OLDSMAR — If Victoria Mills and her husband had to give up their golf cart, their lives at Gull Aire Village mobile home park would be much harder.
He wouldn't be able to pick up aluminum cans each Wednesday for charity. They wouldn't be able to deliver community newsletters anymore. And one of them might have to give up being a volunteer at the polls on election day.
That's what Mills told city leaders at Tuesday night's City Council meeting. She was among several residents who asked Oldsmar officials to allow golf carts on streets in their community of 607 mobile homes.
For years, about 100 residents have used golf carts to get to the pool and various social activities within the community off Curlew Road. But according to state law, the golf carts aren't legally permitted unless the city passes an ordinance to allow them.
Janice Scimone told officials her husband was able to cut his medications in half because he's out and about on his golf cart.
"It has done wonders for Louis, who has a heart condition," Scimone said. "And we have a dog who loves it."
Tuesday, council members unanimously directed the city attorney to draft an ordinance to permit the carts. The vote was greeted by hearty applause from about 35 Gull Aire residents.
"I would vote today to let y'all have your golf carts," council member Jerry Beverland told residents.
But some city leaders said they want to make sure the community's board votes to support the carts before they vote to approve an ordinance.
Vice Mayor Doug Bevis said he was confident that the people who showed up want the carts, but he added, "I don't know that the whole community wants it."
The issue apparently came to light in late April after one resident complained, said Bob Lyttle, vice president of the community association's board of directors.
That complaint, originally made to city officials, made its way to the Pinellas County Sheriff's Office, said sheriff's Sgt. Tom Nestor. And the Sheriff's Office informed residents that indeed the carts were not permitted without a change in local regulations.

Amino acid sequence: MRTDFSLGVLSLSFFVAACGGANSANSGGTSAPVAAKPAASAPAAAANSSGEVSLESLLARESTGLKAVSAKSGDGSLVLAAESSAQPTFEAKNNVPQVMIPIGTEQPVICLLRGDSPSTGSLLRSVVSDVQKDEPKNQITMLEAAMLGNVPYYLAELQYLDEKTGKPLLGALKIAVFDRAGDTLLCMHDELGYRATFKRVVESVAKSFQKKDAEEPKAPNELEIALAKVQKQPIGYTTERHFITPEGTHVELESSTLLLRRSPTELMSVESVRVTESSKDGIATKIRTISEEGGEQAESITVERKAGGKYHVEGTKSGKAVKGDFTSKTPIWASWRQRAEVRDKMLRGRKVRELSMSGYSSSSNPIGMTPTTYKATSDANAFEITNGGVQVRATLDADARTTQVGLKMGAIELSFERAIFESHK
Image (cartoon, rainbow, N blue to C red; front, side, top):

Nestor said the agency isn't aware of complaints by anyone else.
City Manager Bruce Haddock had suggested the city convey the streets to the Gull Aire community. Then residents could decide for themselves about the golf carts. That would also mean they'd be responsible for maintaining the streets. Residents balked at that proposal, saying it would be cost-prohibitive.
"We would have to, conservatively, up our maintenance fee 100 percent," Lyttle told officials.
City leaders decided against that option after hearing from residents.
Mills said she was encouraged by city leaders' decision Tuesday.
"I think they heard us. I think they understand what we're all about," Mills said.
The community, which has a posted speed limit of 15 mph, has a self-contained network of streets that lead to Curlew Road. Residents want permission to drive carts within their community.
Other communities have asked for more extensive regulations to allow golf carts on public roads.
In 2005, the Pinellas County Commission okayed golf cart traffic in Ozona and Crystal Beach, making them the first communities in Pinellas to have a special golf cart designation.
Since then, officials in other Tampa Bay communities, including Highland Lakes in Palm Harbor, passed similar regulations.
And in April, Dunedin's City Commission approved an ordinance that allows golf carts on designated city streets.
Lorri Helfand can be reached at firstname.lastname@example.org or (727) 445-4155.